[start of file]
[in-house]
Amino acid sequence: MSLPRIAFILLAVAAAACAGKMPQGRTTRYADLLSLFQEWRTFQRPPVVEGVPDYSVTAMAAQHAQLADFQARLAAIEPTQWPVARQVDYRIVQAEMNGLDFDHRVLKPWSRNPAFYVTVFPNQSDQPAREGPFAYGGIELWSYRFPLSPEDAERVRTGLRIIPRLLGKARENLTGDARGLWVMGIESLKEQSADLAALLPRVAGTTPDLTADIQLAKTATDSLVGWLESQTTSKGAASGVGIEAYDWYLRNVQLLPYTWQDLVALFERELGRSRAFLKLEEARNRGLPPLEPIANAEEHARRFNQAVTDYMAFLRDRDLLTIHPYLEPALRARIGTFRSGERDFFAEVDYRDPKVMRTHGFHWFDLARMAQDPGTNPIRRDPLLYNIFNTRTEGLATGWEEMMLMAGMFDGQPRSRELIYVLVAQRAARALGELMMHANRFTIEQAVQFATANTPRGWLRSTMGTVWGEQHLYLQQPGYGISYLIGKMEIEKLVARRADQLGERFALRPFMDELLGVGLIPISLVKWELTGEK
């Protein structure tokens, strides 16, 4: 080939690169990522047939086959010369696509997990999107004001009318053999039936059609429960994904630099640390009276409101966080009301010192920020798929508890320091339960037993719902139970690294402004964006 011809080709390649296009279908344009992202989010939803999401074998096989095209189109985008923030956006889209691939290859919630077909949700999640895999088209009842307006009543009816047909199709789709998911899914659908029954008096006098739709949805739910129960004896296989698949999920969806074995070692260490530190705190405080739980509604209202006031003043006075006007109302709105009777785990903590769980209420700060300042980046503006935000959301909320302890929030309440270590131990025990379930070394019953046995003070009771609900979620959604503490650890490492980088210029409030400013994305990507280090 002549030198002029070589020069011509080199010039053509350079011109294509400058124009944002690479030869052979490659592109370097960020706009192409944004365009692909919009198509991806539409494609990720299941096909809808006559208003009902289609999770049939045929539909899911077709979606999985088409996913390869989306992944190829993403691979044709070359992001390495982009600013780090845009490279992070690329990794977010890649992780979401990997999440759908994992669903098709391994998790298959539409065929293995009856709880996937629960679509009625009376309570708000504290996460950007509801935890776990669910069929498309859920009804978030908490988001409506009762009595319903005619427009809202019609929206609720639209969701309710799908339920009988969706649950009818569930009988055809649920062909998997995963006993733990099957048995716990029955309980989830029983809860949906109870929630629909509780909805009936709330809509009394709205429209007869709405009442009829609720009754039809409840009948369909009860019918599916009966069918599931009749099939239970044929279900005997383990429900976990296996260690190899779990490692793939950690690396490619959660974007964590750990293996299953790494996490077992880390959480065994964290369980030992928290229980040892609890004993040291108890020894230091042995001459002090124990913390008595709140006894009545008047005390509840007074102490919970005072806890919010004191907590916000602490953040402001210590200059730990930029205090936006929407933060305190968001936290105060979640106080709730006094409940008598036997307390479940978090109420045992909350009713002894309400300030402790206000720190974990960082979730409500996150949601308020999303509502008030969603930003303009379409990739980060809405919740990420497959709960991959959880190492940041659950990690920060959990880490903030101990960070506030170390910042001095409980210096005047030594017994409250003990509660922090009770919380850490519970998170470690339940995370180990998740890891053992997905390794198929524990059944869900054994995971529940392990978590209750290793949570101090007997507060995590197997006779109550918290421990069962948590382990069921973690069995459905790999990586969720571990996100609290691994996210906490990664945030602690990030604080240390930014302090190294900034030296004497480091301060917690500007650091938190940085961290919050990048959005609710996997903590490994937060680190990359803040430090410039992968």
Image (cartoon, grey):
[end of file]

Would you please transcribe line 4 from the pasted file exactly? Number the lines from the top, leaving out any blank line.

Image (cartoon, grey):